Johnson, Samuel (1709–1784) - Research Article from Encyclopedia of Philosophy

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Johnson, Samuel(1709–1784)

Samuel Johnson, the English man of letters, poet, lexicographer, moralist, and humanist, was born in Lichfield, the son of an indigent bookseller. After his early education at Lichfield Grammar School, he tried schoolmastering for a brief period. In 1728 he entered Pembroke College, Oxford, but was compelled to leave the following year because of lack of funds. As a child he had suffered from scrofula and later from melancholia, a mental illness that plagued him throughout life, at times pushing him to the brink of insanity. In 1735 he married Mrs. Henry Porter, a widow who was twenty years his senior. After more futile attempts at schoolmastering, Johnson set out for London on horseback in 1737, taking with him one of his pupils, David Garrick. A journalist and hack writer par excellence, Johnson wrote for the Gentleman's Magazine and in addition produced poetry, essays, biographies...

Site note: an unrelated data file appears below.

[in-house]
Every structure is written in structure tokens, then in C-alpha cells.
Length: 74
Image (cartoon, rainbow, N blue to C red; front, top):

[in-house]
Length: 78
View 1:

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This section contains 1,849 words
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Johnson, Samuel (1709–1784) from Macmillan. Copyright © 2001-2006 by Macmillan Reference USA, an imprint of the Gale Group. All rights reserved.